And give the vineyard to others – These ‘others’ are evidently the Gentiles, Acts 13:45-47; 18:6; 28:25-28.

‘Here the vineyard refers to God’s kingdom, which would be offered to the Gentiles, whose time had now come Lk (21:24). Mt 21:43 elaborates on this, “Therefore I tell you that the kingdom of God will be taken away from you and given to a people who will produce its fruits.”‘ (NAC)

‘The vineyard, i.e., the privileged position, once granted to Israel, was subsequently tansferred to the church universal, Mt 21:41; 28:19; Acts 13:46, a truth whose realisation was already foreshadowed when Jesus walked on earth, Mt 8:11f; 15:28; Jn 3:16; 4:41f; 10:16; 17:20f.’ (Hendriksen)

According to Evans, 16a is not about the giving of God’s kingdom to the Gentiles but the giving of the leadership of that kingdom to the disciples. Mt 21:43 would seem to weaken this interpretation.

‘Here, then, is the interpretation of the parable: The householder is God, the vineyard is the theocratic privileges enjoyed by those who were the chosen people of God, and as such were placed by him under the law of Moses; the husbandmen are the Jews themselves; the removal oof the householder into a far country is the withdrawal of God from such open manifestation of himself as he made on Sinai, into “expectant passivity,” waiting for the result to develop itself freely in the choice of the peple themselves; the servants sent were the prophets, who were often cruelly maltreated by those to whom they were commissioned; the son is the Lord Jesus Christ himself, the crucifixion of whom was the climax of the nation’s iniquity, for which the kingdom of God was taken from it, and given to the Gentiles.’ (Taylor)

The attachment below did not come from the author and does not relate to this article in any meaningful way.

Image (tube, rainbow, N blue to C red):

Mark 12:10 Haven’t you read this scripture: “’The stone the builders rejected has become the capstone;

The quotation is from Ps 118:22. The Messianic reference is picked up in Acts 4:11 and 1 Pet 2:7.

“The stone” – a large building block.